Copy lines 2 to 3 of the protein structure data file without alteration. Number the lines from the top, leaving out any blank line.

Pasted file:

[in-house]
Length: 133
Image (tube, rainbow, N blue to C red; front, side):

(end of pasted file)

Length: 133
Image (tube, rainbow, N blue to C red; front, side):